Munich shooter was ‘sole perpetrator’ who fixated on massacres

A teenager who killed nine people and injured 27 more in a shooting massacre near a mall in Munich, Germany, on Friday before taking his own life had been bullied and was likely inspired by other mass shootings, German authorities said.

Without naming the 18-year-old man, who was born and raised in Munich with dual German-Iranian citizenship, police president Hubertus Andrae said at a news conference on Saturday that authorities assume he worked alone.

Officers searched his room and found documentation on “frenzied attacks,” and even though the motive is unclear, they have not drawn a connection to religion or the recent surge of refugees searching for safety in Germany.

“We are assuming that we are talking about a sole perpetrator,” Andrae said.

The shooter had a clean police record but turned up in searches twice – once for being bullied and beaten by three people and another for being robbed, according to the New York Times.

The head of Bavaria’s criminal police said that he may have hacked a young woman’s Facebook page and enticed people to come to the mall for a giveaway at 4 p.m. local time on Friday, according to the Associated Press.

Just before 6 p.m. local time, witnesses said he opened fire on the street before heading to the mall, according to the BBC.

Seven of the victims were teenagers: three were 14 years old, two were 15 and the others were 17, 19 and 20. And of the 27 that were also injured, 10 of them are in critical condition, including a 13-year-old boy, police said.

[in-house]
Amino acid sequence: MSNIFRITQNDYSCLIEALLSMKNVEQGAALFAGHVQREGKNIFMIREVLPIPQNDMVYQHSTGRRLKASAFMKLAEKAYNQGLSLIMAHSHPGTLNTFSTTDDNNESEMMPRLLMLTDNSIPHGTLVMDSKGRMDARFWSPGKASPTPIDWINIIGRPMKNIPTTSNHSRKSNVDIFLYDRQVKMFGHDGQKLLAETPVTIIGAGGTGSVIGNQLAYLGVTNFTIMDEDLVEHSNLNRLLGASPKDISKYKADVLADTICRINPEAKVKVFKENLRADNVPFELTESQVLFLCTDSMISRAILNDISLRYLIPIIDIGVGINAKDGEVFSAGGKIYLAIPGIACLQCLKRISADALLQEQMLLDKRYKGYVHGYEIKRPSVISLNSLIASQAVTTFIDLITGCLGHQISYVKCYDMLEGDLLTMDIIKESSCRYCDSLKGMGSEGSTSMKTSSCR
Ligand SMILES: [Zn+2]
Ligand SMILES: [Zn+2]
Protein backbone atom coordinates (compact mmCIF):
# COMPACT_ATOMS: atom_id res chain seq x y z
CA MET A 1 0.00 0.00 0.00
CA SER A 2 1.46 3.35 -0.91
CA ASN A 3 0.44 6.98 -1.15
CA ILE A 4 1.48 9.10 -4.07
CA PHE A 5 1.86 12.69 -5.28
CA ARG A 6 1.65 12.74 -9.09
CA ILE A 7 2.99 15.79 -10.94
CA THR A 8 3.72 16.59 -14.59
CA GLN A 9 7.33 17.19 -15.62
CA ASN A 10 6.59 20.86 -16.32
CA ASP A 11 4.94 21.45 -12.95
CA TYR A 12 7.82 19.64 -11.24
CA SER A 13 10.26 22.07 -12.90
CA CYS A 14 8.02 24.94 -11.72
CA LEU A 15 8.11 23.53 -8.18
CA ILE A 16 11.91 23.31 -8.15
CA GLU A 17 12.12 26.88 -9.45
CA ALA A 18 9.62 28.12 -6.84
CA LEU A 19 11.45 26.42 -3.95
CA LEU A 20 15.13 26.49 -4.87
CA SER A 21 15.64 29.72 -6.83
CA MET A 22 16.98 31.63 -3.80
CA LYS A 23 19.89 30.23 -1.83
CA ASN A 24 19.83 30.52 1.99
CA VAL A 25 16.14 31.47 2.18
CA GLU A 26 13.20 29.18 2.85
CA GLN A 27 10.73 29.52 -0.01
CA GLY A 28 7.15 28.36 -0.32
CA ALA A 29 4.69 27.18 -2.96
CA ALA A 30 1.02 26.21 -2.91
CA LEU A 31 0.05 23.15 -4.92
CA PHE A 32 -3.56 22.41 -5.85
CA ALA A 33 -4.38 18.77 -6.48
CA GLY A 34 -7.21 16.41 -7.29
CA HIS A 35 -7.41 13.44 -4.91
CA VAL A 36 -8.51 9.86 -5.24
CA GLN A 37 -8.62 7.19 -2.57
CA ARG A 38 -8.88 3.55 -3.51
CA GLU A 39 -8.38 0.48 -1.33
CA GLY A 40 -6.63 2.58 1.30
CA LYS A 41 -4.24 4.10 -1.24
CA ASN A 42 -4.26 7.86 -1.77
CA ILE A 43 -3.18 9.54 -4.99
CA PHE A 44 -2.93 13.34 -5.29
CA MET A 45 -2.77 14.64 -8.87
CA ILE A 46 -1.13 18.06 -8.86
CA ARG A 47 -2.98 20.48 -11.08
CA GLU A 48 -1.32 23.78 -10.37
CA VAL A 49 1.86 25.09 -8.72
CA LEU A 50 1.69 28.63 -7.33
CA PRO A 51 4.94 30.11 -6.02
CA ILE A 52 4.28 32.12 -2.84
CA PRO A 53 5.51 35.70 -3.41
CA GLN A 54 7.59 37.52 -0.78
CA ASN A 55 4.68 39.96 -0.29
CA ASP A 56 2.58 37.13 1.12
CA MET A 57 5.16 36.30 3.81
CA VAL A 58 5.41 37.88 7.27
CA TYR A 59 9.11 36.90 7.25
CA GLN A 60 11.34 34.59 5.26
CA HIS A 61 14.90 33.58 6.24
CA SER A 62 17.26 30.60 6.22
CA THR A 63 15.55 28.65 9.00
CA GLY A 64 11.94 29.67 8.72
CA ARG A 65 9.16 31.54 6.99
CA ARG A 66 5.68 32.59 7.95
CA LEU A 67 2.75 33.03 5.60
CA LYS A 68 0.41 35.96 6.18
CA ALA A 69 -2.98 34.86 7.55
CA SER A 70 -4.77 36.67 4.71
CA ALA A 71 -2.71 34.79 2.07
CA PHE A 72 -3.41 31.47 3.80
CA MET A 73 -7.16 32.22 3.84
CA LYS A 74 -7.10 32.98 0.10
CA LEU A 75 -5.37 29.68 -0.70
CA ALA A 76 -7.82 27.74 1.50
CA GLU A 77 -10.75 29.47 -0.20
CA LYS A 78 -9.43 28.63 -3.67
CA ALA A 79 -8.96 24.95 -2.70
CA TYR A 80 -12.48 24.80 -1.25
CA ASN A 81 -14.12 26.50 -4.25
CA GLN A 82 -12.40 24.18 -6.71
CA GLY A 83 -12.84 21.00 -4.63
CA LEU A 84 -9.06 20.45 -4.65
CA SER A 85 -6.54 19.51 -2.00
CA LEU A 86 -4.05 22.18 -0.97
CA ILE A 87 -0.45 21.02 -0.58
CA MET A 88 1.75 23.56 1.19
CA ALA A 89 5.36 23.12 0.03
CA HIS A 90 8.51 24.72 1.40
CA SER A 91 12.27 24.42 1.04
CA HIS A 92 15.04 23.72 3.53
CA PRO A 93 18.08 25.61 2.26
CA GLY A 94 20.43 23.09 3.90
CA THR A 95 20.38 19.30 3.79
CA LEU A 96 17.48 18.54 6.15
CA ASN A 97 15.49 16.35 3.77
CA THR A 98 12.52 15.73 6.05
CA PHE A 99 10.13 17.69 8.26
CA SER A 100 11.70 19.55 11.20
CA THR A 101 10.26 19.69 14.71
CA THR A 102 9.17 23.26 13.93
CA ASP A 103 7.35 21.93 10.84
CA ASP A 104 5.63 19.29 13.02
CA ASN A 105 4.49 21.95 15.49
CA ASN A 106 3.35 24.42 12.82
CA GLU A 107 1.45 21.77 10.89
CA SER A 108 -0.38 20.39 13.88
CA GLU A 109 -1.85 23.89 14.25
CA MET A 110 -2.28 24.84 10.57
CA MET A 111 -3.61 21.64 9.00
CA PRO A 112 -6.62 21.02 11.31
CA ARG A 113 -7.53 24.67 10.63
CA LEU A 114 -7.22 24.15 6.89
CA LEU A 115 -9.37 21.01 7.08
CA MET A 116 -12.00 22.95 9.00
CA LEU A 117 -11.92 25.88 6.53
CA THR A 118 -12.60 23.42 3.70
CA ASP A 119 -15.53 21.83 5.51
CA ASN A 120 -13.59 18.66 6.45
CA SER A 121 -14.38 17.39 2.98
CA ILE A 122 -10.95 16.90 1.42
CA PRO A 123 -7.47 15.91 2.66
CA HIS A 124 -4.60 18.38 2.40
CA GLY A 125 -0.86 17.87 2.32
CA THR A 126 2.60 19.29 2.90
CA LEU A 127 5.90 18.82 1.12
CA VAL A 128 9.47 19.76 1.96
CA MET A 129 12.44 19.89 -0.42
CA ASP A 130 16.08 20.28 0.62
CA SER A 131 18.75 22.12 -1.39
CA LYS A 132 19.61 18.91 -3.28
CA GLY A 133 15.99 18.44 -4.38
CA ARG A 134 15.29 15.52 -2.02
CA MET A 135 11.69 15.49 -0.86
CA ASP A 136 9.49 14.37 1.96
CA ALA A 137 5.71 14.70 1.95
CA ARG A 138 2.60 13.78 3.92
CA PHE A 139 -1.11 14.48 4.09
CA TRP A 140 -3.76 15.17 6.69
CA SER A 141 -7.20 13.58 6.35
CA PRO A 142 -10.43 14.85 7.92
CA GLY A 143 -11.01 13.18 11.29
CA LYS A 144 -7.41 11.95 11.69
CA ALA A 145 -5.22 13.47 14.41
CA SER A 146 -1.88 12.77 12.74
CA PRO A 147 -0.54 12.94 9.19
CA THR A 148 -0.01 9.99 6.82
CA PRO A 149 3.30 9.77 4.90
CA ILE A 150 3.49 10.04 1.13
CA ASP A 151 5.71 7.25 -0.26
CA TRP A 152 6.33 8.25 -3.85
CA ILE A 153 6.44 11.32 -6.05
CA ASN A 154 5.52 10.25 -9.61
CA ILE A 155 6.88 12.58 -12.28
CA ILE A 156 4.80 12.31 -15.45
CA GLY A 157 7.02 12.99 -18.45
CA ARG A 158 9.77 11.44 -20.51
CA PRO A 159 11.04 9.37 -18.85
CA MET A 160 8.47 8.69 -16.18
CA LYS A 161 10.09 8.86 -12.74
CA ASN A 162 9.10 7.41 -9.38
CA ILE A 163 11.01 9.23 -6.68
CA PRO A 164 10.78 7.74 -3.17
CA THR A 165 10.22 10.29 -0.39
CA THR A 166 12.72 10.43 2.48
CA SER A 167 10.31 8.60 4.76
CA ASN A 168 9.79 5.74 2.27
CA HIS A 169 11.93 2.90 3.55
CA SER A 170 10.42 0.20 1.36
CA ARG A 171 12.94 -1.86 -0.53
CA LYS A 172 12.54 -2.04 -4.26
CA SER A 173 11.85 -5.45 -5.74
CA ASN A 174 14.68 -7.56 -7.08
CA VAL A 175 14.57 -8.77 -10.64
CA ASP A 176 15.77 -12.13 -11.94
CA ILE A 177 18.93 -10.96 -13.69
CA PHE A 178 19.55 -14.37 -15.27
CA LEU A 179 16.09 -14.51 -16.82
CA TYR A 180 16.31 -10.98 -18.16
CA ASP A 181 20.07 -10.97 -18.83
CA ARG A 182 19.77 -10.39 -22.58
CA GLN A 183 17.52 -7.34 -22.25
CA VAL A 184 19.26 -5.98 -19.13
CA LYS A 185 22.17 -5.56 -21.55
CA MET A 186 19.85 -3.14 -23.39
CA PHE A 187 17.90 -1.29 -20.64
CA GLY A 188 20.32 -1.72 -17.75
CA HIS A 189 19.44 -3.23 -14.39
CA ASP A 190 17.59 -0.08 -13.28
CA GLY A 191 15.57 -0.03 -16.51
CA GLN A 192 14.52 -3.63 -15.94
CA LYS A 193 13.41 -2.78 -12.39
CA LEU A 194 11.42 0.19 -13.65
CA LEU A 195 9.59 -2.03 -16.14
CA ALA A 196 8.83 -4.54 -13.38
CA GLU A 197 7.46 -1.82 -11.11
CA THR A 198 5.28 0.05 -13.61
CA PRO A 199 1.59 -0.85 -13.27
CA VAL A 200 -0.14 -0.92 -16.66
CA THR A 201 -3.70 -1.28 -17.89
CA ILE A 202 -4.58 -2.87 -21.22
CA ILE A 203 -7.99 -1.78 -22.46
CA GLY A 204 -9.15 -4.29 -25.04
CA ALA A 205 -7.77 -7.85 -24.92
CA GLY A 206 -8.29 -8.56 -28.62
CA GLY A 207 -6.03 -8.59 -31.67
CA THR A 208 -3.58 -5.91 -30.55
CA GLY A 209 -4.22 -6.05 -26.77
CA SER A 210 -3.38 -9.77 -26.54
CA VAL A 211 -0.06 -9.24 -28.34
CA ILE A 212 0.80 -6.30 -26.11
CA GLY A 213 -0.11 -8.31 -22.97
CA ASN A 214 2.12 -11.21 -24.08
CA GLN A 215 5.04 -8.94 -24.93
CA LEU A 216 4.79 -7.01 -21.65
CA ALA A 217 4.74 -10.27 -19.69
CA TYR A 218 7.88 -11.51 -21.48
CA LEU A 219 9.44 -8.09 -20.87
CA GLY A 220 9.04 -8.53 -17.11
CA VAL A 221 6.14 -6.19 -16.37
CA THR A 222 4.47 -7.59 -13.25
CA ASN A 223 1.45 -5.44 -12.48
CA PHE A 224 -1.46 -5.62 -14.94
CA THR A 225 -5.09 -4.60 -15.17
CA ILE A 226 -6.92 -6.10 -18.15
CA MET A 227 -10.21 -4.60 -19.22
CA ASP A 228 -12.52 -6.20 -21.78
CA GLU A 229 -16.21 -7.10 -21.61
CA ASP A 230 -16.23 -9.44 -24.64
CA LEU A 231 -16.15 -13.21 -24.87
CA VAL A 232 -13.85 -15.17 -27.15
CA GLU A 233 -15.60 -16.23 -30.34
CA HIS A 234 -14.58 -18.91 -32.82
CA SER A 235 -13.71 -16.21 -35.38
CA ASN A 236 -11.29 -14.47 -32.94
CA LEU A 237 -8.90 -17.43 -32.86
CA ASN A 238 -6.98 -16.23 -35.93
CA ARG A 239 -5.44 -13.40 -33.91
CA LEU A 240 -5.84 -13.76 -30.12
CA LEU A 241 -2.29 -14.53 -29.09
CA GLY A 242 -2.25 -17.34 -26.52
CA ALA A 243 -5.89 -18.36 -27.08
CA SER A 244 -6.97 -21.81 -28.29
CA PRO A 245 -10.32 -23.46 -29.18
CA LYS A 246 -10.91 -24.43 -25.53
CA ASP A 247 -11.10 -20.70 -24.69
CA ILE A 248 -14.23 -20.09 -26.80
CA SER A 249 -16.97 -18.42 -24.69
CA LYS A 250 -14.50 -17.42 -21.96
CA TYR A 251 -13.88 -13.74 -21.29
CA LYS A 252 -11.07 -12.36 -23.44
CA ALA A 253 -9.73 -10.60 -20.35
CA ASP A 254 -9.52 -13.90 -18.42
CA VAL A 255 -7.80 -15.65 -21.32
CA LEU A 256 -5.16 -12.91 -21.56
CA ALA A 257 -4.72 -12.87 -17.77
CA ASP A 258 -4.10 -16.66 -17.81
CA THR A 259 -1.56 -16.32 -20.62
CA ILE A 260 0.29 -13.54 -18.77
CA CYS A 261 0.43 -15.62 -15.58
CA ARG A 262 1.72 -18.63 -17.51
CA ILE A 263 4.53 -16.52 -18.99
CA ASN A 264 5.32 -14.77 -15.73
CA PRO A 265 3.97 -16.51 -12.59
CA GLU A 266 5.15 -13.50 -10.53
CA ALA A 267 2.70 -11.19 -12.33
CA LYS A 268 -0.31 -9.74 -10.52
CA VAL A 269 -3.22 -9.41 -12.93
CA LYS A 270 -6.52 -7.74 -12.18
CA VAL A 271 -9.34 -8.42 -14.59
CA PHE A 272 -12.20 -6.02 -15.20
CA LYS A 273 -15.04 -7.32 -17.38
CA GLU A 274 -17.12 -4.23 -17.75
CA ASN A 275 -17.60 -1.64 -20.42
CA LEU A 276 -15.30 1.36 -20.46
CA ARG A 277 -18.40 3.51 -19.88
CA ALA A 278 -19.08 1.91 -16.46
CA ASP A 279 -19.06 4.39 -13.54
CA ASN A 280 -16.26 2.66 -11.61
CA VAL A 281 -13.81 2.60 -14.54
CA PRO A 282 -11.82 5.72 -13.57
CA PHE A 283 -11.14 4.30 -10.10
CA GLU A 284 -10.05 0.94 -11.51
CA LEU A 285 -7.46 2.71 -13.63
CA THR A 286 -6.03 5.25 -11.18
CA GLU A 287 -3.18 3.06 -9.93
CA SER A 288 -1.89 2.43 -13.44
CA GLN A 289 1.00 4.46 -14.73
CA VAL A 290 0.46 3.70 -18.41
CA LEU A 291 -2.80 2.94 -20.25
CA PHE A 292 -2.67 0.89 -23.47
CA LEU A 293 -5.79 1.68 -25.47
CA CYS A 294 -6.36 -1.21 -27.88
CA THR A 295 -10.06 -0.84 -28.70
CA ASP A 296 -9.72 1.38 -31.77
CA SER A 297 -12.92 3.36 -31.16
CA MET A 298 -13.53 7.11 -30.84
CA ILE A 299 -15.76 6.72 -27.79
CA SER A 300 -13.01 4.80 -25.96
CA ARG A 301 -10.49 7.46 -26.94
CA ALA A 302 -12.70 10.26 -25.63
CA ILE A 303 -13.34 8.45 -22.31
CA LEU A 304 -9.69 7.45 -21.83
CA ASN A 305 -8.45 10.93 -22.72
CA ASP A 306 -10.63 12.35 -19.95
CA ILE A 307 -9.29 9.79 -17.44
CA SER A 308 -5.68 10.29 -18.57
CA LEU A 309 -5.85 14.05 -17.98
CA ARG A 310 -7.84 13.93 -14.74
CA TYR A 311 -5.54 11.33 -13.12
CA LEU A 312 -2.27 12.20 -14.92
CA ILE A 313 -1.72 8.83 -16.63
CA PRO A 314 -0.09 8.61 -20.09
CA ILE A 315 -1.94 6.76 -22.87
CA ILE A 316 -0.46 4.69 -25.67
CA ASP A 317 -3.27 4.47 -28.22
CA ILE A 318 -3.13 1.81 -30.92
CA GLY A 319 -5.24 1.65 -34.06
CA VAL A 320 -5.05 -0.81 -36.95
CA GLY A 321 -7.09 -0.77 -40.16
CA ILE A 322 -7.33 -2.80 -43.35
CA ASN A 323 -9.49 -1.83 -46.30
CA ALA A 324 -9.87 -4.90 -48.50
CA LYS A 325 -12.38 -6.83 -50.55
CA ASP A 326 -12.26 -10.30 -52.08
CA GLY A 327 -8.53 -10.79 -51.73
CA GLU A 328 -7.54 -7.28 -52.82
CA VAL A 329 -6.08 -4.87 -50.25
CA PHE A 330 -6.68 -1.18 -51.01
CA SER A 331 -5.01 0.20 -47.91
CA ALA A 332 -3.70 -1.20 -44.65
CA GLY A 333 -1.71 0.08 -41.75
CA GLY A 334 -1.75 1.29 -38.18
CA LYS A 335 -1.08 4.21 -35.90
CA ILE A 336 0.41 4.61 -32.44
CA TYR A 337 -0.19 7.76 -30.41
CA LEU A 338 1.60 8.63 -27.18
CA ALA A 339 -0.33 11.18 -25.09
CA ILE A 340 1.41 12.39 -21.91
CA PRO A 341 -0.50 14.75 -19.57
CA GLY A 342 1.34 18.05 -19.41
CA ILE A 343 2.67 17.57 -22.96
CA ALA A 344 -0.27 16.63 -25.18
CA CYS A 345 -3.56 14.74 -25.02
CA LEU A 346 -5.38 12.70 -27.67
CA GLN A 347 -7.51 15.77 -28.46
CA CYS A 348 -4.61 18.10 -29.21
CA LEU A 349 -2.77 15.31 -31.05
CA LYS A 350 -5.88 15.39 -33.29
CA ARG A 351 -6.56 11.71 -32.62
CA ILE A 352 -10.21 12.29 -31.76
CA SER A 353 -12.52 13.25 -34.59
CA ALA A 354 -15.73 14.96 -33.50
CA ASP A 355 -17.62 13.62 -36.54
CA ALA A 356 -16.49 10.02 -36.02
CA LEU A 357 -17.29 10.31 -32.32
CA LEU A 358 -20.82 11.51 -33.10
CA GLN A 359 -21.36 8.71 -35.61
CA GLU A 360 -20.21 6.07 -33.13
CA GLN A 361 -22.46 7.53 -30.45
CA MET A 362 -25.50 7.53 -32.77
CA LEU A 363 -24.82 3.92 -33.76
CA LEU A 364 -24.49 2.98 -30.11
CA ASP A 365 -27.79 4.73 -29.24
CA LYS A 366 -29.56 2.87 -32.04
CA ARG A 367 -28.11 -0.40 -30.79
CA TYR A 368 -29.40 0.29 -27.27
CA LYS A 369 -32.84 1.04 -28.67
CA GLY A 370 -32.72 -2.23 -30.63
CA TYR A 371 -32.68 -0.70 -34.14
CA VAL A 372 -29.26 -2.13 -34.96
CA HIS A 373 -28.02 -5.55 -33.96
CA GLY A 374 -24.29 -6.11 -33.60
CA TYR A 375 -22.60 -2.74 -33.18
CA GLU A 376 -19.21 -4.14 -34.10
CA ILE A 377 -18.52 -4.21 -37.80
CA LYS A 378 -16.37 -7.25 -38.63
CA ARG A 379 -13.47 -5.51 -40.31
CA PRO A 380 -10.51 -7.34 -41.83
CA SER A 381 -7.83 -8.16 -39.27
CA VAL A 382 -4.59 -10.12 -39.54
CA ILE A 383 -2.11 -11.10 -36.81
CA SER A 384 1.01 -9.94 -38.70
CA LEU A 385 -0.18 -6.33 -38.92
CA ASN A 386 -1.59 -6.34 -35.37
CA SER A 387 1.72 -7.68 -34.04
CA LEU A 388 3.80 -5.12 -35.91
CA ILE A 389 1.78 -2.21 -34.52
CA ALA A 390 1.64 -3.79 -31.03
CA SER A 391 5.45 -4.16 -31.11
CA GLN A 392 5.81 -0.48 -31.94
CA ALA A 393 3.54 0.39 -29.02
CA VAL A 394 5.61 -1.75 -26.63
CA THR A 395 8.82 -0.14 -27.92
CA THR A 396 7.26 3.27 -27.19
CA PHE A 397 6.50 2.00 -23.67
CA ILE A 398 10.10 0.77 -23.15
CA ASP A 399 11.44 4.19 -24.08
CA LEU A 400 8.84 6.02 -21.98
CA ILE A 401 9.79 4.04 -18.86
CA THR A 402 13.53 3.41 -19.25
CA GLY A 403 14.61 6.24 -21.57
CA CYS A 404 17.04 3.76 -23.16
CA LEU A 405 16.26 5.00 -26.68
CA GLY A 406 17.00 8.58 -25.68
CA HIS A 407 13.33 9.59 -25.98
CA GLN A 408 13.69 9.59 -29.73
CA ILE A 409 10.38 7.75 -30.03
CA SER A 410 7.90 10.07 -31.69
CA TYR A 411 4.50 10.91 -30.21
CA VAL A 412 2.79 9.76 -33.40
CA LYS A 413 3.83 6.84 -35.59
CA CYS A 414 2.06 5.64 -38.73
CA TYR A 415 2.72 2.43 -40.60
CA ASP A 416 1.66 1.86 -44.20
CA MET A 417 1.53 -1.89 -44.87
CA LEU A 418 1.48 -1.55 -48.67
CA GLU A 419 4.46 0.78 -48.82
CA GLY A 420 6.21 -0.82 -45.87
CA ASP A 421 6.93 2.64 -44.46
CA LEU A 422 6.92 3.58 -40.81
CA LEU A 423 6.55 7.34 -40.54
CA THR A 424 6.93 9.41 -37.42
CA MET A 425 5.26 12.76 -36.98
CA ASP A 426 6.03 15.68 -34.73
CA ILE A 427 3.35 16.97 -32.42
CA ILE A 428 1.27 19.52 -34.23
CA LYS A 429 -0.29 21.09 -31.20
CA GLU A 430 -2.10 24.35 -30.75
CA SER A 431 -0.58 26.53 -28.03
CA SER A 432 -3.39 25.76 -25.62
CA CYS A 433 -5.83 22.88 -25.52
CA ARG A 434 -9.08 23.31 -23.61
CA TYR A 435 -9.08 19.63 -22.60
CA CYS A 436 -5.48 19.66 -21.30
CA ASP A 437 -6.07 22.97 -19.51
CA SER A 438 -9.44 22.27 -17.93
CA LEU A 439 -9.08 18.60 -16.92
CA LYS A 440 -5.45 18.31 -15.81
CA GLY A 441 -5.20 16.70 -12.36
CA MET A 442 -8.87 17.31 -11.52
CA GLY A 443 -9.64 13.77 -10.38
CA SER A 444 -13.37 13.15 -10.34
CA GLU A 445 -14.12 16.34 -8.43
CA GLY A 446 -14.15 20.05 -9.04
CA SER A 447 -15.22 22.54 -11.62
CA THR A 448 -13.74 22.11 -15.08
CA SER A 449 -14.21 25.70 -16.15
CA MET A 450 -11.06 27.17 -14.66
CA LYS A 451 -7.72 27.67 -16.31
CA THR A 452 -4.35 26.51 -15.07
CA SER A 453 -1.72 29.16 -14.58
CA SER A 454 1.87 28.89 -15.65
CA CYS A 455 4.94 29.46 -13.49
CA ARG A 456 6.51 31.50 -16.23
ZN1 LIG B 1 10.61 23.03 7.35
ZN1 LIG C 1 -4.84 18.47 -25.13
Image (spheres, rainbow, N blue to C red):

The shooter’s body was found at a nearby McDonald’s, with a 9mm Glock pistol and 300 bullets in his backpack, about two and a half hours after he started the rampage.

Exactly five years ago on Friday, Anders Behring Breivik in Norway had killed 77 people with bomb and gun attacks. German authorities said that Friday’s suspect had researched the 2011 massacre as well as other shootings. Police also found a German edition of the book “Why Kids Kill: Inside the Minds of School Shooters,” the Times reported.

In an interview with The Guardian, Dr. Peter Langman, the author of the book, said the shooter appeared to have fit a pattern of other mass murderers who researched shootings.

“It’s a little disturbing,” Langman, told the Guardian from his home in Pennsylvania on Saturday. “I don’t know quite what to make of it, I don’t know why he had it.”

People are on high alert in Germany after a teenage migrant stabbed and injured five people on a train in Bavaria in an attack claimed by the Islamic State on Monday.

German Chancellor Angela Merkel in a televised statement on Saturday said with reports of horror coming out of the country, attacks become harder and harder to bear.

“We are in deep and profound mourning for those who will never return to their families,” Merkel said.